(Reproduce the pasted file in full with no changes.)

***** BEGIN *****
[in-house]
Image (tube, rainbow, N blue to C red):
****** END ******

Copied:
[in-house]
Image (tube, rainbow, N blue to C red):